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High school football: Gunnison Valley football having a special season

Residents in the Gunnison area were used to seeing their team losing by a lot, so a 19-0 score in the second quarter of a homecoming game at Gunnison Valley High School wasn’t a new feeling.

That feeling didn’t last too long. The Bulldogs had been beaten too many times for too long; they had lost to their rival, the North Sevier Wolves, seven years in a row.

Despite being down by three touchdowns midway through the first half, for the rest of the Bulldogs’ game against the Wolves, they proved what they’ve been proving since Week 1 —that after 32 years, it’s finally Gunnison Valley’s turn.

The Bulldogs scored two quick touchdowns late in the second quarter and pulled ahead by one in the second half, then held strong on defense to the end to complete a 20-point comeback and beat the Wolves, 20-19, last Friday night. The win made the Bulldogs 2-0 in the 1A North and moved them to an overall record of 5-1, a mark not met since 2005.

“It feels great when you’re putting in the hard work and you’re here all summer, which I am and the kids are,” Gunnison Valley coach Patrick King said. “When you’re working that way as a team and things start to click, and you’re getting that positive result, of course it feels great.”

In Gunnison Valley’s 32-year football history, the program amassed a record of 84-224 leading up to the 2022 season. The Bulldogs have never won a state title or even a region title, and a 7-4 season in 2005 was their only winning season in school history up to now.

On that Friday game, in a packed stadium, even North Sevier could see the difference in the Bulldogs this year.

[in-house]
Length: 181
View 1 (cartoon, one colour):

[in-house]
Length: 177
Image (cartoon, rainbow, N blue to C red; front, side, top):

“They currently have a team that believes in each other and have bought into Coach King’s program,” Wolves coach Wyatt Mason said. “King has done a good job being patient and allowing for it to develop over the past few years.”

What’s happening at Gunnison Valley is special to not only the players, but to the community at large. The town of roughly 3,500 residents may be more invested in its baseball, as its nine state championships would attest, but as athletic director Rhett Jackson, who is a former coach of the football team, said, seeing the boys on the gridiron succeed usually sets the tone of a great school year, and the whole community can feel the positivity.

“It’s amazing what a good football season can do to start your school year off,” Jackson said. “It just really has had a positive impact on our school and the community at large. The boys on our football team come from all the communities in our valley, and it really is a synergistic sport that permeates all of the program.”

The timing with which Gunnison Valley finally started to see success oddly came after the department’s decision in early August to commit as the seventh team of Utah’s first 8-player football playoff bracket at the end of this season. Ironically, if the playoffs started next Friday, the Bulldogs would be playing in the 8-player bracket when they could have occupied the No. 2 spot in the 1A playoffs.